05 Jun Yoga Garden & Art Gallery Brno / RO_AR Szymon Rozwalka architects
Yoga Garden & Art Gallery Brno / RO_AR Szymon Rozwalka architects
Text description provided by the architects. The architecture designed for the Yoga Garden and Art Gallery Brno is the result of a search for a natural and at the same time abstract space. We wished to create a space without the deceitfulness of nostalgia (industrial fake) or false spirituality (exotic cliché). Within our European context yoga, just like architecture, too often succumbs to the false of preconception, which we have attempted to avoid. The original building was a post-industrial structure within a historical block development, a severed fragment of a former whole. A fragment in which certain traces of the past were visible, others hidden and others still entirely forgotten. All of these traces were interesting and could have become the initial point of departure of the project. However, we decided on a different manner of radical intervention – without fear, but with respect for the old. The result was not intentionally determined in advance but was the result of individual decisions.
Wherever the existing building obstructed us, we decimated and transformed it. We demolished fragments of it in order to create new gardens, we demolished pillars in order to enlarge the space, we ripped out its innards to give ourselves the freedom to create something new. Wherever it was in accordance with our visions, we incorporated it into the project. We merely renovated the old skylights, carefully cleaned the construction beams and timbering, but left all the traces of wear and tear. Some of the plasters in the interior were only partially cleaned, and still, show signs of the original damage. The process was an open dialogue in which the new dares to be new, while the old dares to be old.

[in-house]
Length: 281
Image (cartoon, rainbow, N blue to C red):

Our aim was to create an expansive space full of light, and simultaneously full of subtle connections between the individual fragments of the interior. The entrance area can be seen from the gallery, followed by the greenery of the garden, and in the next plan, people practising yoga. In a similar manner, we have attempted to interconnect the interior with the world around it. To feel the city of which we are apart. We see fragments of buildings, trees, the sky, while the space at the same time provides us with the option of easily forgetting them and concentrating on ourselves.
In a number of places, the original brick constructions of the pillars and walls, the wooden beams, and frames have been strengthened with new reinforced concrete and steel constructions, bringing a contemporary aesthetic to the building and also infusing the resulting space with an almost abstract lightness. Two new atria have been incorporated into the design of the building, with greenery designed by the garden architect Mirka Svorová. The first atrium surprises visitors with its contrast between the confined, articulated space of the entrance corridor and the open gardens full of light. The rear atrium is an autonomous microcosm. It becomes a background, scenography for the main hall – an image that changes according to the season of the year.
One of the fundamental values of the Yoga Garden is: “sustainable growth and minimising the impacts of our society on the environment.” We have attempted to apply the investor’s approach here within the project. The gardens hold rainwater, and thanks to their low-tech design they do not require watering – the accumulation layer retains water, which is sufficient for sustaining the vegetation. As architects, we have to face the challenges of today, both climatic and cultural-sociological. We are convinced that architecture functions most strongly on a subconscious level.
The subtle, almost abstract undermining of the given is our way of learning to live in a state of subconscious uncertainty – an essential skill for embracing the contemporary “liquid” world. The architectural example of an attempt to introduce such a delicate uncertainty can be found in the main hall, where following the demolition of the concrete pillar a wooden binding beam “levitates” in its incredible length as to if it wished to defy gravity, which is further accentuated by its crossing with the strip of the LED light. An abstract space with subtle elements of uncertainty.